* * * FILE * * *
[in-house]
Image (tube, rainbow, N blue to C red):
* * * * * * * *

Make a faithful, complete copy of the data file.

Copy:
[in-house]
Image (tube, rainbow, N blue to C red):